Being a speaker is not being an actor. You do not play a role. A good speaker is sincere, natural, shows his true personality. My advice here is not to force yourself to do things that are not natural in your behaviour. Adapt the performance to your audience but stay in your comfort zone for most of the time. Of course, to learn, you have to get out of this comfort zone but do it gently. Do not change many things at once (for example, the way you dress and the tone of your voice). Gradually expanding your panoply is an integral part of becoming a good speaker. For example, mine started with courses given to students, and then presentations in conferences, general workshops, training and finally coaching. All this gave me more and more tools that I can use. Do the same thing with your different benefits.
6 – Prepare and repeat
This is a step that cannot be underestimated. No speaker really improvises. A person can seem extremely natural, relax and completely mastering his subject. What you see is the culmination of years of practice and experience. So you have to prepare and repeat. My advice is to do this even if you are not going to give an oral performance. Choose a subject and prepare a performance. It does not need to be long; a few minutes are enough. The more you practice, the better you will become, so do not wait for real opportunities.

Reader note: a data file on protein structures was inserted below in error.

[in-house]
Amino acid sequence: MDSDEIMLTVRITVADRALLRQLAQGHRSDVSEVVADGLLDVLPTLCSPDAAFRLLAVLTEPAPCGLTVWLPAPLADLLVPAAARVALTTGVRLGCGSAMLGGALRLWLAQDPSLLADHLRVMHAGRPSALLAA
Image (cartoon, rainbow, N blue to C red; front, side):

Repeating is an essential part. So once again, when you have a few minutes, why not decide to speak to yourself. Use different styles, accentuate your gestures, the intonation of your voice. Now it has become very easy to record a video, so record yourself and analyse the videos: what are you doing right? Be sure to use that. What can you improve? Prepare an action plan to work on these areas for improvement.
7 – Not only your presentation: answer your audience
You think you have prepared everything but suddenly, a question arrives and you are destabilised? Responding to your audience is also an integral part of your performance. You are not an actor playing his role and disappearing at the end of the performance. In most cases, you will stay with the group (during a meeting for example) and this of course gives the opportunity to ask questions. Any advice given in the other sections also applies when it comes to answering questions.
Here are some tips to make sure things are going well:
– Answer the question asked. Do not talk about things that have nothing to do with the question.
– Sometimes a yes or no is enough to answer a question.
– There is no harm in not understanding a question. Reformulate the question as you understand it and ask if it is correct.
– There is no harm in not knowing the answer to a question. Admit it and offer to get the answer. Never invent an answer to a question. People will appreciate you better for your honesty than for an answer they will discover is incorrect.